A powerful earthquake of 6.5 degrees in the Richter scale was recorded at Bouganville region, Papua New Guinea at 18:37 UTC (15/05). The violent quake had its epicenter estimated to 43 km depth, under the coordinates 6.15S and 154.44E. Despite the great intensity, depth at which the event ocurred favors the dissipation of energy before reaching the surface. When it occurs in the ocean, events in this intensity and depth can trigger the formation and alerts of tsunamis. Of the total number of events, 36 of them were classified as mild and 6 reached the status of moderates. 2 tremors were rated between strong and very strong.
Seismic geology of Papua New Guinea
The details of the Cenozoic tectonic evolution of New Guinea are the subject of some debate. The most commonly published scenario is the subduction polarity reversal (or arc reversal) model which entails movement of the Australian continental crust and mantle into a northward dipping subduction zone, followed by collision and initiation of southward subduction of the Pacific plate at the New Guinea Trench (Dewey and Bird, 1970; Hamilton, 1979; Milsom, 1985, Dow et al., 1988; Katili, 1991). A second model proposed to explain relationships in eastern New Guinea shows the island underlain by a doubly-dipping slab of oceanic lithosphere (“zippering” model), which is the westward continuation of the subducted Solomon plate (Ripper and McCue, 1983; Cooper and Taylor, 1987). A third model is similar to the first, but the subducted Australian plate is simply dipping vertical without a reversal in subduction direction (Johnson and Jaques, 1980). Both of these later models require significant oblique convergence across most of the island.
All of these authors agree that southern New Guinea is underlain by the passive northern margin of the Australian continent which was thickly blanketed from the early Mesozoic by siliciclastics grading into Cenozoic carbonate strata. Most of these authors argue for one major collisional event with an oceanic island arc. Based on the change from carbonate sedimentation to widespread clastic sedimentation derived from orogenic uplifts, the collision apparently began in the late Miocene (Visser and Hermes, 1966; Dow and Sukamto, 1984a; Dow et al., 1988). However, based on the metamorphic age of rocks in Papua New Guinea and the island arc terrane, some workers conclude that the collision began in the early Oligocene (Pigram et al., 1989; Davies, 1990). To account for these relationships, Dow et al. (1988) propose that New Guinea is the product of two distinct island arc-continent collisions: one during the Oligocene and a second during the Miocene (Melanesian Orogeny). Quarles van Ufford (1996) proposes that the island is the site of two orogenic events that are spatially and temporally distinct. The earlier (Eocene-Oligocene) event, termed the “Peninsular orogeny,” was restricted to the Bird’s Tail region of easternmost New Guinea.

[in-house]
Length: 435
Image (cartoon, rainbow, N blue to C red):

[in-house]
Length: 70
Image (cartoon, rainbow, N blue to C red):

The generation and erosion of a significant landmass is recorded in Oligocene and younger clastic sedimentation in the Aure Trough. The “Central Range orogeny,” on the other hand, was an event that began in the middle Miocene and generated the present width of the island and caused widespread clastic sedimentation. Importantly, Quarles van Ufford (1996) divided the Central Range orogeny into pre-collisional and collisional stages. The pre-collisional stage is related to the bulldozing and metamorphism of passive margin sediments in a northward-dipping subduction zone. The collisional stage only occurs when buoyant Australian lithosphere actually jams the subduction zone (Cloos, 1993) and crystalline continental basement becomes involved in the deformation. Collisional delamination is proposed as the tectonic process that occurred within the subducting Australian lithosphere between 7 to 3 Ma. Besides involvement of crystalline basement, this process causes late-stage igneous activity and a vertical mountain uplift of 1 to 2 km. This process culminated with the initiation of the E-W trending, left-lateral strike-slip that dominates the recent tectonics of western New Guinea. (Wikibooks)
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